The aim of this unit of study is to explore recent advances in drug technology and to illustrate how basic research underpins clinical practice and pharmaceutical care. Students will be exposed to the newly developed and "up-and-coming" biotechnologies such as gene therapy, immunotherapies and prodrugs in the context of neurological disorders, inflammatory diseases, cancer and AIDS. Students will also obtain molecular insights into the actions of natural products. On successful completion of this unit of study, students will: be aware of the latest advances in drug technology; understand how basic research underpins clinical practice and pharmaceutical care; have developed advanced literature searching skills and be able to comprehend the work in original research articles and extract the relevant information from those articles; have improved their writing and oral communication skills; and comprehend the role chemistry plays in determining the molecular basis of drug action. This unit of study will hone the student's critical thinking, literature searching and scientific presentation skills - thus equipping the students with the essential skills for life-long learning.
Textbooks
Foye's Principles of Medicinal Chemistry; Thomas L Lemke, David A Williams, Victoria F Roche & S. William Zito, LWW, 6th Ed, 2008. Immunology for Pharmacy; Flaherty, Elsevier, 2012.
PHAR5509 Integrated Pharmaceutics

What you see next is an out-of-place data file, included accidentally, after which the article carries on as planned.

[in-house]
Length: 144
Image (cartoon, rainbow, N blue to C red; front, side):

Credit points: 6 Teacher/Coordinator: Dr Fanfan Zhou Session: Semester 2 Classes: 3 x 1hr lectures/wk and 1 x 3hr workshop/wk Prerequisites: PHAR5517 Corequisites: PHAR5514 Assessment: Exam (40%) and workshop presentations/assignments/reports (60%) Mode of delivery: Normal (lecture/lab/tutorial) day
This unit of study aims to expose students to several themes associated with new drug development. As an integrated pharmaceutics course, this unit covers the topics of preclinical screening, ADME and animal testing, pre-formulation, formulation, bioinformatics in drug development and finally product marketing and post marketing responsibilities. Themes will be introduced in the form of lectures presented by the faculty as well as invited scientific professionals.
PHAR5510 Pharmacy Practice C

Credit points: 6 Teacher/Coordinator: Dr Stephen Carter Session: Semester 2 Classes: 3 x lectures/wk and 2 x 2hr tutorials/wk Corequisites: PHAR5508 Assessment: Tutorial contribution (30%) and exams (70%) Mode of delivery: Normal (lecture/lab/tutorial) day